It's seniors vs the RBA

Reserve Bank of Australia assistant governor Christopher Kent issued a challenge last week. He said it would be useful to look at different types of households to understand whether the transmission of monetary policy through the Australian economy was becoming less effective. We've taken up that challenge.

What we've found is there are good reasons to suspect seniors' savings may be dimming monetary policy and helping to explain why consumption is not responding to low interest rates like it did in the past.

"Concerns about possible policy changes to superannuation and retirement income policies appear to be reinforcing cautious behaviour."
Katie Hill, ANZ economist

Saving rates for older Australian households have risen sharply over the last decade. In our view, the prospect of an extended period of low yields following a period of wealth erosion through the global financial crisis has encouraged households nearing retirement to conserve and rebuild wealth.

Concerns about possible policy changes to superannuation and retirement income policies (anecdotally) appear to be also impacting seniors, reinforcing their cautious behaviour.

What's more, with the proportion of households with at least one member aged over 65 expected to rise sharply over the next 15 years, trends in saving and spending among older Australians could have an even greater detrimental impact on monetary policy in the future.


As Dr Kent reminded us, there are four channels through which monetary policy works. One is the cash flow channel – via net interest payments, another is the wealth channel via asset prices and a third is the balance sheet channel via an increased propensity to borrow.

The fourth channel, however – the exchange rate channel – is less relevant in this context. Lower interest rates are positive for cash flow across the economy as a whole as household interest payments are larger than interest receipts. However, this is not true across all age groups.

Net interest payments peak in the 35 to 54 age group when households have the most debt. By contrast households over 65 are net recipients of interest, reflecting both less debt and more interest-bearing assets. For this group lower interest rates translate into lower incomes.

The wealth channel and related balance-sheet channel work in a monetary easing phase by lifting asset values (especially housing) and encouraging households to lift consumption. Higher collateral values make borrowing easier.

As has been well telegraphed, there has been a shift in consumer behaviour post the GFC and households have become more cautious. There has been a sharp increase in the saving rate across all age groups but it has been larger among older Australian households.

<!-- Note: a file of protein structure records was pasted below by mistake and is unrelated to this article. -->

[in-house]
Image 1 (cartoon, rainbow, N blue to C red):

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The gross saving rate of households headed by persons aged over 65 rose from 1.8 per cent of disposable income in 2003-04 to 15.6 per cent in 2011-12.

The saving rate also increased significantly in the 55-64 age group, where there was a 14 percentage point increase. It seems likely the shift to higher saving among older households reflects an effort to rebuild wealth after the asset price losses incurred during the GFC.

We expect the GFC had a greater impact on older households given they have high wealth-to-income ratios and are closer to, or in, retirement. Hence they would have less time and less earning capacity to recoup GFC-induced losses.

In more recent years, some of these trends have been reversed, in part due to the impact of easier monetary policy. Since the end of 2011, when commodity prices peaked, the Reserve Bank has lowered the cash rate from 4.5 per cent to 2 per cent.

Rising prices have not been universal across asset classes however. With the exception of the Sydney and Melbourne housing markets, there has been only moderate house price growth in Australia over the last seven years. Also, after halving during the GFC, Australian equity prices have yet to regain their peak.


But here again a closer look at the different age groups is instructive. For older households it is arguably actual income – reflected in yield, rather than capital values – that affects household behaviour.

Lower yields or expectations of lower yields mean households in or near retirement need a larger pool of assets in order to achieve the same income in retirement. Recent falls in yield may have played a more important role than asset prices in putting upward pressure on the saving rate for older households.

Our client liaison suggests uncertainty around the policy outlook with regards to retirement income and superannuation laws may also be contributing to the lower effectiveness of easy monetary policy.

Assets held in superannuation have risen sharply, to $1.9 trillion in recent years, and now account for around 20 per cent of total household assets, up from 14 per cent in 2003-04. Assets held in property and equities have fallen as a share of total assets, suggesting a move to take advantage of favourable taxation arrangements.

Unsurprisingly, superannuation holdings peak in the 55 to 64 age group in dollar terms. The rising importance of superannuation leaves a growing number of older households exposed to uncertainty surrounding superannuation and pension eligibility. These issues have been prominent in the political debate recently, with lower than expected government revenues focusing attention on where savings can be achieved. Clearly, less generous superannuation concessions are part of the debate.

This is an edited version of a research note compiled by ANZ economist Katie Hill, senior economist Jo Masters and co-head of Australian economics Cherelle Murphy.

The views and opinions expressed in this communication are those of the author and may not necessarily state or reflect those of ANZ.

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